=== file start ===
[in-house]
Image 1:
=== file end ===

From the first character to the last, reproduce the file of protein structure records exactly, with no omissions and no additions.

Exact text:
[in-house]
Image 1: